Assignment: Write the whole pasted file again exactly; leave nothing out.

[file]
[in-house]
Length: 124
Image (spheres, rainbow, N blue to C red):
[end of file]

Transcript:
[in-house]
Length: 124
Image (spheres, rainbow, N blue to C red):